A magazine for friends of the Warren Alpert Medical School of Brown University.

What to Know About Monkeypox Now


Brown University experts offer key facts and insights on the persisting public health emergency.

Even before the US had emerged from the COVID-19 pandemic, the country’s first case of the monkeypox virus was reported in May 2022. In late July, the World Health Organization declared the ongoing monkeypox outbreak a public health emergency, and in early August, the US government followed suit.

Over the past few months, the monkeypox outbreak has both offered opportunities to apply lessons learned from COVID and presented its own unique challenges. Although the US is currently seeing a decline in cases, the outbreak continues to affect patients both domestically and abroad.

Scholars from The Warren Alpert Medical School and Brown’s School of Public Health offered some key facts and insights on this complicated public health issue.

Philip A. Chan, MD, MS, RES’09 F’11

Associate professor of medicine; associate professor of behavioral and social sciences; consultant medical director of the Rhode Island Department of Health

Philip Chan

The virus can spread via direct contact with a person with monkeypox or by touching objects, fabrics, and surfaces that have been used by someone with monkeypox. We don’t know yet whether monkeypox is sexually transmitted, but it is associated with sex. It was initially believed that monkeypox was spreading by droplets (similar to SARS-CoV-2), but that type of transmission appears to be much less common than expected. Monkeypox is much less infectious than COVID-19.

Gay, bisexual and other men who have sex with men are primarily being affected by monkeypox—although anyone can get it. It is important for public health to continue to actively communicate risk to affected populations so they can make informed decisions about behavioral changes and prevention options, which include vaccination.

Despite the death of a person in the US from monkeypox (and a second possible death in Texas under investigation), it is not believed that the virus is becoming more lethal. We do know that people who are immunocompromised (e.g., who are HIV-positive with a low CD4 cell count), who are receiving chemotherapy, or who have been diagnosed with certain other medical conditions) are at higher risk of complications from monkeypox. People who are immunocompromised and diagnosed with monkeypox should seek treatment immediately.

There is a need for more federal public health resources to address monkeypox, as well as COVID-19, avian flu, and whatever else happens in the future. Our country is in urgent need of a framework and a national plan with resources on how to address these emerging threats to public health.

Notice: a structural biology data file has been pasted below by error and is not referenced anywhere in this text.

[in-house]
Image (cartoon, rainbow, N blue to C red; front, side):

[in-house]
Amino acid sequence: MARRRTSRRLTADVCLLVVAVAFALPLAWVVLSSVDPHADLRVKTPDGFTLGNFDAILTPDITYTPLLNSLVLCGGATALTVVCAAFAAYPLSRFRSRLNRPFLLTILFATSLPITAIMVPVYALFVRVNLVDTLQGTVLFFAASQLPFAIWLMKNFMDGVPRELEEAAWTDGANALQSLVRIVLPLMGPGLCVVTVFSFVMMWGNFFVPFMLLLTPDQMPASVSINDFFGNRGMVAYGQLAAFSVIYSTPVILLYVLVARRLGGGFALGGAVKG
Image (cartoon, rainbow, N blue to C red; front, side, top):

Joseph Metmowlee Garland, MD

Associate professor of medicine, clinician educator; medical director, Infectious Diseases and Immunology Center, The Miriam Hospital

Joseph Garland

The monkeypox vaccine is issued from the CDC directly to state health departments, who determine how to distribute their limited supply to the highest-risk populations. Unfortunately, you can’t just get a monkeypox vaccine at your local pharmacy like you can the COVID vaccines.

On top of that, there’s a shortage, which is the result of several factors. First, the vaccine is intended for smallpox, so those planning for a stockpile were not necessarily anticipating a widespread outbreak of monkeypox. Further, expiring vaccines had not been not replenished and there were delays in ordering and securing replacement vaccines. The vaccine we are using, Jynneos, involves two doses; it is only manufactured by one company in Denmark, and they have a certain capacity. The global spread of this epidemic has put an acute demand on the vaccine manufacturers from countries around the world, including many in Europe.

In order to get the vaccine to more people, providers are following the CDC’s alternative dosing regimen of administering the vaccine intradermally, or between the skin layers, instead of subcutaneously, or under the skin. An intradermal vaccine can induce a stronger immune response because of how many immune cells we have in our skin. The FDA did a study on the difference between intradermal and subcutaneous administration of the Jynneos vaccine at the currently used doses and found that study participants had similar levels of immune response (measured by antibody levels) with the lower dose intradermal vaccine. That allows us to give a much lower dose to get the same level of effect: one-fifth of the dose induces the same level of immune response in studies—that allows for potentially five times as many people to get the vaccine.

But there’s a trade-off. In general, this is a harder way to administer a vaccine, and more people have skin reactions to this method—we’ve seen mild swelling, redness or discoloration at the injection site. In some people, that can persist for a long time, which is important to be aware of.

And it must be said that no vaccine is 100% effective. We don’t have much data on any vaccines for monkeypox specifically. Jynneos was tested in an animal model of smallpox (a very similar and related virus), but we still need to see actual results in a real-world setting. Data show that it takes about six weeks from the first dose (and two weeks after the second dose) for people to reach full immunity. Up until that time, people still have a risk of being infected. After that time, most people should have protective immunity—but again, we still will need to back that up with real-world data as we accumulate it.

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